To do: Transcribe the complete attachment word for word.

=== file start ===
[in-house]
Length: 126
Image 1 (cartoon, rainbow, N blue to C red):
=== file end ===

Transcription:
[in-house]
Length: 126
Image 1 (cartoon, rainbow, N blue to C red):